Alma told his son Shiblon, “I would that ye should remember, that as much as ye shall put your trust in God even so much ye shall be delivered out of your trials, and your troubles, and your afflictions” (Alma 38:5). Mormon also observed that “those who were faithful in keeping the commandments of the Lord were delivered at all times” (Alma 50:22). Elder Russell M. Nelson of the Quorum of the Twelve Apostles reaffirmed this principle when he said: “Obedience allows God’s blessings to flow without constraint. He will bless His obedient children with freedom from bondage and misery.”5
The Book of Mormon also shows that even a few righteous people can secure peace and safety for a whole city (see Helaman 13:12–14).
War Can Be a Call to Repent
When we forget God, He calls after us. At first He uses merciful means such as personal promptings and prophets. But if we do not respond, He escalates His efforts. At times, He allows wars and violence as part of His last resort to help us return to Him.6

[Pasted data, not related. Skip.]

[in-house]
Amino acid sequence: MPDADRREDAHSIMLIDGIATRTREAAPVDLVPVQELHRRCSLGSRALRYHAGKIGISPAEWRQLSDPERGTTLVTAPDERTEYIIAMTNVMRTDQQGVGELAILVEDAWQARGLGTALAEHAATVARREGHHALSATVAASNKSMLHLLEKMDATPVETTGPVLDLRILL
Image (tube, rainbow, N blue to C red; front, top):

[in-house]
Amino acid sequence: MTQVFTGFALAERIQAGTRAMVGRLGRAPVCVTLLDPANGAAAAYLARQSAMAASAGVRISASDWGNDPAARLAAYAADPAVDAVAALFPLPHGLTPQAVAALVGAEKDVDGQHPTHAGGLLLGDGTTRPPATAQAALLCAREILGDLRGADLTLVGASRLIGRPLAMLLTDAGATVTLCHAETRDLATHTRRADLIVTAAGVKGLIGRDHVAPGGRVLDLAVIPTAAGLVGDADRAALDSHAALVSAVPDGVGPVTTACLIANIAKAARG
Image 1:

Mormon said, “And thus we see that except the Lord doth chasten his people with many afflictions, yea, except he doth visit them with death and with terror, and with famine and with all manner of pestilence, they will not remember him” (Helaman 12:3). War can be a reminder to repent and return to God.
God Provides Relief during War
When God’s disciples are required to suffer the effects of war, God provides relief for them. When Alma and his followers were taken captive, they immediately turned to the Lord (see Mosiah 23:27–28), and He promptly answered: “I will also ease the burdens which are put upon your shoulders, that even you cannot feel them upon your backs, even while you are in bondage; … that ye may know of a surety that I, the Lord God, do visit my people in their afflictions” (Mosiah 24:13–14).